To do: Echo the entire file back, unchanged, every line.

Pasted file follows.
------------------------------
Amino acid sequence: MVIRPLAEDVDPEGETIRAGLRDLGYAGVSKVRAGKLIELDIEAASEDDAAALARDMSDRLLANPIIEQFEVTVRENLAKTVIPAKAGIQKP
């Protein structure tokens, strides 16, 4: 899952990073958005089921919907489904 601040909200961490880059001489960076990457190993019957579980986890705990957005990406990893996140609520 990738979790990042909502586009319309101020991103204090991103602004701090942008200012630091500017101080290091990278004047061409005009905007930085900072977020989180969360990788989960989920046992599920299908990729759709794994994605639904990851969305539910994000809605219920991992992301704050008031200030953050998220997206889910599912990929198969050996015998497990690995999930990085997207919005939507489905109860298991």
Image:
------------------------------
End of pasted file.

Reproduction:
Amino acid sequence: MVIRPLAEDVDPEGETIRAGLRDLGYAGVSKVRAGKLIELDIEAASEDDAAALARDMSDRLLANPIIEQFEVTVRENLAKTVIPAKAGIQKP
């Protein structure tokens, strides 16, 4: 899952990073958005089921919907489904 601040909200961490880059001489960076990457190993019957579980986890705990957005990406990893996140609520 990738979790990042909502586009319309101020991103204090991103602004701090942008200012630091500017101080290091990278004047061409005009905007930085900072977020989180969360990788989960989920046992599920299908990729759709794994994605639904990851969305539910994000809605219920991992992301704050008031200030953050998220997206889910599912990929198969050996015998497990690995999930990085997207919005939507489905109860298991």
Image: